First Look: Warm Audio WA-44 & WA-19

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First Look: Warm Audio WA-44 & WA-19

Warm Audio WA-19 and WA-44
Words by Kalani Giddey

Vintage gear is often seen as automatically better, just because it has a history behind it.

For some, it holds true; sometimes you really just can’t get that “warmth” from anything but the real deal… right? Maybe that ‘58 Les Paul doesn’t actually have to cost that much, and your vintage Fuzz Face might not actually be what you think it is, but what we do know for sure is that the market for all things vintage is growing, and our wallets are only getting lighter. In comes Warm Audio.

Those who know, know, but anyone not in the loop must be kidding themselves. Warm Audio has made a bit of a name for themselves over the past 10 odd years, pioneers of audio recreation, wizards that meticulously attempt to reconstruct and capture that lightning in a bottle that we associate with vintage mojo, but at prices that won’t cost you all your belongings.

Read more features, columns and interviews here.

Known for stellar clones of some of the most revered pro-audio gear, Warm Audio are now offering up two new additions to their fleet of high-end microphones, the WA-44 and the WA-19. 

While nothing new, their “no corners cut” approach to the cloning provides gear-heads and engineers alike with the piece of mind that they’re getting the same vintage tone in modern digs.


The WA-44 is an homage to (a clone of) the legendary RCA 44BX ribbon-microphone, one of the single most coveted pieces of gear in any studio’s arsenal. Finding its way into a whole manner of iconic recording sessions, this mic was favoured by the likes of Elvis Presley, Ella Fitzgerald, Jeff Tweedy, Frank Sinatra, Johnny Cash and many, many more. Big shoes to fill, and Warm Audio’s ambitious tribute hopes to fill them out in spades.

Warm Audio WA-44

The first thing that becomes obvious is just how weighty this microphone feels in the hands. It’s a real monster, coming in at nearly three kilograms, courtesy of its gargantuan, true-to-size neodymium magnet designed to capture the nuances and detail that lives in the mid-range. Combined with a custom Made-in-Japan ribbon that’s 99.1% aluminium and 2.5 microns thick, as well as a USA-made Cinemag transformer, prepare yourselves for a gooey, syrupy tonal experience sure to tame any unruly high-end that troubles your mix. Complete with a rugged metal exterior that’s sure to take whatever beating it may receive, as well as a nifty embroidered mic sock that’s guaranteed to keep your new best friend in the studio nice and toasty, the WA-44 feels like a genuine, high-end ribbon-microphone, mojo present or not. 

An incredibly versatile bit of kit, the WA-44 has a sonic footprint that’s easily recognisable, the mic sets out to retain the warm tonal character of the RCA 44, excelling in capturing loud audio sources, in turn preserving the mids and bass (and an excellent proximity effect), while softening the high-end, perfect for making those de-essers and LPFs that we so rely on obsolete. Its figure-eight polar configuration makes the WA-44 an excellent bi-directional mic as well, picking up signal received on the left and right sides of the microphone, or the front and back, the ideal choice for handling all of your recording needs.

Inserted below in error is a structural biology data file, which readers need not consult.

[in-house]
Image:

The WA-19 may be the little brother of the two, but make no mistake, this little mic can certainly run with the big boys. A faithful recreation of what has been dubbed “the Ringo Mic”, the WA-19 is Warm Audio’s own AKG D-19 variant with a few new bells and whistles. A more budget friendly offering, the WA-19 offers functionality aplenty, being a microphone that blurs the line between more traditional dynamic and condenser microphones. 

The construction itself is pretty standard upon first inspection, but very quickly the WA-19’s unique features begin to make themselves known. A sleek, all metal casing and a double layered headbasket keep the internals tucked away and safe, with ventilated slots in the casing down the sides of the microphone designed to reduce proximity effect and keep bass frequencies more or less consistent at all distances, much like the “Variable-D” system found on other microphones.

Warm Audio state the WA-19 has a hand assembled dynamic cardioid humbucking capsule at the helm of the beast that aims to utilise both the innate critical noise rejection of a dynamic microphone, while retaining the top-end clarity associated with condenser microphones, all the while reducing the overall noise floor. Additionally, the WA-19 features a unique “variable acoustic high-pass filter ring” that adjusts that modifies the resonant chamber behind the transducer, capable of reducing up to 10dB at 50Hz, a solution to the possible phase issues that can be accrued through preamp filtering.

The real question here is, how does it stack up against the real thing? The long-winded answer is: does it really matter? While vintage gear can sometimes sound better than modern stuff, going to great lengths to recreate it opens up the floor to further debate, and vintage gear can’t compete with the reliability of modern kit!

It may tickle the nostalgia centre of the brain seeing these old designs have new life breathed into them, but at the same time, at what cost? Will it ever really be the same? These microphones do an amazing job of emulating their inspirations, and capturing the source they’re aimed at… or not if you’re micing off-axis!

For local Warm Audio enquiries, keep reading at Studio Connections.